We are starting to look at the official documents submitted by Redrow for their planning application and interpret their significance and impact on Sefton Park Meadows. These new Briefings will be available for supporters to use to make their own comments and objections to the Redrow application.
Briefing 1 gives information on:
- Housing Plan 14082 (P1) 002 Proposed Site Plan For FRA
- Our campaign visuals (below) of what this would look like once houses, gardens, access and parking are built (thanks to John Davies of SSPM campaign)
- Tree Report by TEP for Redrow – 4612 001 Park Avenue Mossley Hill Arboricultural Impact Assessment-2. This recommends (page 9) 27 individual trees must be removed for the development proposals. Six of these are high value (Category A); 18 are moderate value (Category B); and 3 are ‘low value’ (?) (Category C). These trees will be removed to create access points into the new development and to provide ‘adequate stand-off’ from houses. Tree Removal Plan is Drawing 2 in Appendices at the back of the Report. Quoting from the TEP report:
” The location and uniformity of existing trees makes the creation of new access points impossible without some degree of tree loss. A requirement to prune a large number, in particular those in the southern half of the site, will change the existing character of the avenue planting in the short-term.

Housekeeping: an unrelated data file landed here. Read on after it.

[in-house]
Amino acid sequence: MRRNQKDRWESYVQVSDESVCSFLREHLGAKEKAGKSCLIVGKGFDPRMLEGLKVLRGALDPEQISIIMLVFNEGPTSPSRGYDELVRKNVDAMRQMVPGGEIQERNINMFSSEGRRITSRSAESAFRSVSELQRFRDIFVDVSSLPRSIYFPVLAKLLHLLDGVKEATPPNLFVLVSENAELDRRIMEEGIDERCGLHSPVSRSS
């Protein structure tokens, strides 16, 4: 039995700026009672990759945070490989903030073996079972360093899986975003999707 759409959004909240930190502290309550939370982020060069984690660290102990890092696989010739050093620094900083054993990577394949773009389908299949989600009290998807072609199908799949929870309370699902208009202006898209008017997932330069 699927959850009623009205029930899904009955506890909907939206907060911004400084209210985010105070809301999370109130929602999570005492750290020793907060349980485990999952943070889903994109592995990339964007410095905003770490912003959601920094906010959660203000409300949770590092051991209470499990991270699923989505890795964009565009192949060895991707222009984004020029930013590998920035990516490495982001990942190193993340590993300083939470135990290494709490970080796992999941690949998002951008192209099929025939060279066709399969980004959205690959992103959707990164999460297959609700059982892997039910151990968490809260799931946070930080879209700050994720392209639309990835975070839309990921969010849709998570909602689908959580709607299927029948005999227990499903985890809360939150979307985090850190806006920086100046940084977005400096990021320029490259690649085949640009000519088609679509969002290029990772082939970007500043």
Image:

” Tree removal is concentrated along Park Avenue and to a lesser extent along Aigburth Vale. The combined canopy cover of trees to be removed is approximately 0.2ha. The greatest impact of tree losses will be along Park Avenue where 13 Caucasian limes and 5 small leaved lime will be removed. This will dramatically alter the visual presence of trees along the road, principally due to the loss of the Caucasian limes that are particularly conspicuous in the summer months due to their very dense canopies that extend to ground level. The removal of the three mature small-leaved limes (Numbered in the Report as T39, T41 and T56) will also result in the loss of the last remnants of the original Victorian lime avenue.” (our use of bold text here)
The number of driveways Redrow plan to build under existing mature trees is also a real threat. Any tree experts would avoid this as a priority due to potential for damage to roots and trunks. Also for tree management in the longer term. Onsite monitoring during construction periods is rarely undertaken or enforced.